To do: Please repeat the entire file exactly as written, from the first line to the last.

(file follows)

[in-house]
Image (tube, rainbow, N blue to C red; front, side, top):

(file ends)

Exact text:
[in-house]
Image (tube, rainbow, N blue to C red; front, side, top):